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20 Feb 14. BAE warns US budget cuts to hit profits. BAE Systems, the world’s third biggest defence contractor, warned on Thursday that cuts to US government spending would hurt profits despite project wins in
Saudi Arabia. With Congress planning to shave $450bn from US defence budgets over the next decade, BAE said that its North American business would shrink by around 15 per cent in 2013 and 2014. The results came a day after BAE said it had settled a long-running dispute with Saudi Arabia over the pricing of 72 Eurofighter jets, bringing to an end almost two years of uncertainty. But BAE said it would not receive a lift from the new terms of the agreement. Overall, the company said full-year earnings per share for 2014 – excluding certain exceptional items – were expected to be down between 5 and 10 per cent on last year, sending shares in the defence group down 9 per cent to 397.7p. Britain’s largest defence contractor and manufacturing employer is targeting growth markets such as the Middle East as it seeks to offset weak demand from the US and Europe, due to withdrawal from Iraq and Afghanistan as well as public spending cuts. The company has signed around £6.4bn of deals with Saudi Arabia in the past year, including a further £1.5bn contract for Tornado aircraft upgrades and weapons. Saudi Arabia is the second biggest spender on defence equipment worldwide. It has already doubled spending on military equipment from $3.8bn in 2009 to $8.4bn in 2013 and is pledging to expand this to $9bn by 2023. BAE’s search for new sources of revenue has seen it pursue a failed merger with Airbus owner EADS and launch a major push into emerging defence markets such as the UAE and India. It is also cutting shipbuilding capacity in the UK, closing the Portsmouth shipyard with the expected loss of 940 jobs. The company said 2013 underlying earnings before interest, tax and amortisation rose from £1.86bn in 2012 to £1.93bn in 2013. Sales increased by 2 per cent to
£18.2bn, while underlying earnings per share rose 9 per cent to 42p. Analysts at Jefferies said: “The storms of US defence cuts and sequester have passed, but their shadows linger in full-year 2014. We estimate BAE’s full year 2014 guidance points to earnings before interest and taxation perhaps 7-8 per cent below our forecast of £1.9bn and earnings per share around 4-5 per cent lower than our forecast 40.8p.” The company increased the full year dividend by 3 per cent to 20.1p a share. Ian King, chief executive, said: “Overall, the group delivered a solid performance in 2013, against the background of reduced government spending and challenging market conditions.” (Source: FT.com)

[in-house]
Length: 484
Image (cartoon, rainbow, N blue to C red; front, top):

February 20, 2014 1:43 pm
FT Lex Comment: BAE Systems: not so defensive. The stock market hates uncertainty, right? And since last autumn two big areas of fuzziness hanging over BAE Systems have cleared. The US budget deal has provided a much clearer picture of what that country will be spending on defence. And this week came news that BAE has finally sorted out payment terms with Saudi Arabia on an order for Typhoon aircraft. So with all that out of the way it should be bright days ahead for the share price. Not so fast. BAE shares fell 8 per cent on Thursday as the extent of the US damage became clear. The US defence business will shrink by 12-13 per cent over the next couple of years. Earnings per share will fall 5-10 per cent in 2014. Bury any idea of defence companies being defensive. At least the shares have support from £10bn of planned cash returns to shareholders in 2014. Assuming the dividend stays flat this year, the shares yield 5 per cent. And BAE is planning to double its share buyback to £400m. That should be affordable – yes, the balance sheet has moved from net cash to net debt, but at 0.3 times earnings before interest, tax and amortisation debt is hardly a cause for concern. But cash distributions can only cushion the blow of falling earnings for so long. At some point BAE will h

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